Annual Campus Grad Slam Showcases UCLA Samueli Student Researchers

Soulamaine B - Shelby Vixler

UCLA Samueli/Shelby Vixler

UCLA Samueli graduate student researchers Soulaïmane Bentaleb (left) and Shelby Vexler placed second and third, respectively, at the annual campus-wide UCLA Grad Slam.

May 22, 2024

UCLA Samueli Newsroom

Soulaïmane Bentaleb and Shelby Vexler — two graduate student researchers at the UCLA Samueli School of Engineering — placed second and third, respectively, at the annual campus-wide UCLA Grad Slam last month.

The duo were among 10 graduate student finalists chosen to present their research in a three-minute talk to a panel of judges and audience members at the UCLA Meyer & Renee Luskin Conference Center. Researchers across all disciplines competed for the chance to represent UCLA at the UC Grad Slam Final May 3 in San Francisco.

Bioengineering master’s student Bentaleb was awarded second place for his novel model examining brainwave activity in epileptic patients: Automated and Personalized Detection of Epileptic Activity in Resting State. His research uses machine learning to individualize brainwave activity assessments and determine which part of the brain is triggering a patient’s seizures. Bentaleb, who said he entered the competition to practice public speaking, received a $3,000 prize. He is a member of distinguished professor Wentai Liu’s Biomimetic Research Lab.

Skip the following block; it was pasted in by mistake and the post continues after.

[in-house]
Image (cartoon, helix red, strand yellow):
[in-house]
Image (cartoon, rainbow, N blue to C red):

The third-place with a $2,000 prize went to chemistry doctoral student Shelby Vexler for her presentation: From Foe to Friend: Viruses that Fight Bacteria. Vexler looks at the possibilities of making genetic and chemical modifications to bacteriophages, viruses that could be used as “tiny assassins” to attack bacteria that cause infections. She is a graduate researcher in the lab of Irene Chen, an associate professor of chemical and biomolecular engineering. Vexler said she participated in the competition to improve her communication skills in explaining scientific topics to a broad audience.

First place winner, Melis Câker — a neuroscience graduate student — received a $5,000 prize and represented UCLA at the UC Grad Slam Final. 

Also presenting at the campus finals was mechanical engineering graduate student Jungmin Lee, who shared his research on mimicking brain synapses within electrical circuits in order to decrease the power requirements of AI models: Toward Sustainable Artificial Intelligence – A Brain’s Way of Computing. He is a member of mechanical and aerospace engineering professor Yong Chen’s research group. 

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